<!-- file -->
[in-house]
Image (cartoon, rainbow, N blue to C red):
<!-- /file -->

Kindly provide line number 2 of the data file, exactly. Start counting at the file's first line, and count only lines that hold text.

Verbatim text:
Image (cartoon, rainbow, N blue to C red):